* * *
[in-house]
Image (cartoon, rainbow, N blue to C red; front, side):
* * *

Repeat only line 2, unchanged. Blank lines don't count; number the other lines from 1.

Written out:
Image (cartoon, rainbow, N blue to C red; front, side):